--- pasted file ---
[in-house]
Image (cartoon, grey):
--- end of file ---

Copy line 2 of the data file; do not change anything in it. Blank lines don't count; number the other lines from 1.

Image (cartoon, grey):